The Caligula Effect 2 is a unique RPG that takes you on a journey through the memories of a man named Ren. In this game, players will be able to explore new worlds and collect items along the way.
The caligula effect 2 metacritic is a game that has received mixed reviews. It was released in 2018 for the PlayStation 4, Xbox One, and PC.
The original The Caligula Effect was launched on PS Vita in 2017, however it failed to create an impression. It came out far too late in that system’s life cycle, and it happened to be published the same year as Persona 5, another JRPG featuring adolescents battling demons and overcoming adolescent issues. It was re-released on PS4 and Switch a few years later, and although I liked it, it had a number of flaws, most notably its dreadful visuals. In The Caligula Effect 2, it’s time to discover whether FuRyu and NIS America have learnt from their errors in the first game.
The Caligula Effect 2’s fighting system, like its predecessor, is its centerpiece.
The Caligula Effect 2 is not a sequel with the same cast as the first film, but it is set in a Matrix-like virtual reality where individuals live their lives free of the constraints of reality. The primary cast of characters consists of a group of youngsters who ultimately realize their lives are a lie and attempt to break free from the simulation. The biggest change in this sequel is your “partner,” a virtuadoll (basically a sentient Hatsune Miku-style vocaloid) that wants to rip this virtual world apart with you. She doesn’t battle with you directly, but she does assist your squad by playing incredibly annoying J-Pop songs that somehow improve your party’s stats.
The Caligula Effect 2’s fighting system, like its predecessor, is the game’s centerpiece. It’s a complicated system that allows you to predict where and when your opponents will strike, allowing you to arrange your movements around theirs. You can see the kind and direction of assault your opponents will employ, allowing you to select a particular countermeasure and the precise second at which you will launch your strike in order to properly parry and render your opponents helpless. Sure, the battle system is lengthy and complicated, which may lead to weariness in the long run, but it’s a lot of fun. It’s satisfying to see your opponents unable to assault you with a well-planned sequence of movements.
The characters are as well-animated as they were in the first Sims game… But, hey, the game isn’t as hazy as it used to be!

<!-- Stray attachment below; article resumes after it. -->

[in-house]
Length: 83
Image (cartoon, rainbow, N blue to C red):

The Caligula Effect 2’s major flaw is that its fighting system is essentially its only redeeming grace. The original game featured a fantastic narrative that dealt with forbidden topics and adolescent problems. Sure, they’re in here, but they don’t have the same level of writing or intriguing NPCs to back them up. Either things don’t escalate at all or they do so too fast. The narrative never moves forward at a reasonable pace: it’s either a deluge of information or hours upon hours of nothing occurring onscreen. To make things worse, despite not being bound by the Vita’s hardware restrictions like its predecessor, The Caligula Effect 2 looks and performs similarly to its 2017 predecessor, at least on the Switch.
I will appreciate ONE aspect of the graphics: they aren’t as grainy and muddy as they were in Caligula Effect: Overdose on the Switch. That isn’t to say the game isn’t visually appealing. At best, this seems to be a mid-tier PS2 game, with character animations as sophisticated as those seen in the original Sims game. To make things worse, the game runs at 30 frames per second but still drops a few frames now and again. I realize it’s the Switch we’re talking about, but I’m sure the little device can do better.
You’ve only known each other for three seconds…
Although The Caligula Effect 2 has the fantastic fighting system that made its predecessor worth any JRPG fan’s attention, it lacks a compelling narrative with memorable characters and is not as well-paced as its predecessor. Unfortunately, it’s as bland as a dystopian JRPG featuring Japanese teens (a subgenre that’s much more popular than one would think). If you liked the first Caligula Effect, there’s still some fun to be had here, since the basic battle mechanics are still quite excellent, but even fans of the first Caligula Effect will feel that its sequel went a half-dozen steps back to take one stride ahead.
This game hardly looks better than a mid-tier PS2 title from back in the day, even if it isn’t as fuzzy as the original Caligula Effect… It can’t even get beyond 30 frames per second.
The Caligula Effect 2’s greatest feature, like its predecessor, is its challenging yet rewarding fighting system. It’s pretty much the same as previously.
The voice acting is still good, but the annoying J-Pop songs that play throughout the game are much worse than in the previous installment.
The Caligula Effect 2 has an amazing fighting system, but it lacks a compelling narrative with memorable characters, unlike its predecessor.
Final Score: 6.5
The Caligula Effect 2 is now available on PlayStation 4 and Nintendo Switch.
On Switch, the game was reviewed.
The publisher supplied a copy of The Caligula Effect 2.
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The the caligula effect: overdose 2 is a game that was released on the PlayStation 4 and PlayStation Vita. It is a sequel to the original, which was released in 2016.
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